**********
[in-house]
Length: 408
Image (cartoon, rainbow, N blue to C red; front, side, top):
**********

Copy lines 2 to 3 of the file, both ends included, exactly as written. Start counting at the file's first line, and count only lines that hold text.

Length: 408
Image (cartoon, rainbow, N blue to C red; front, side, top):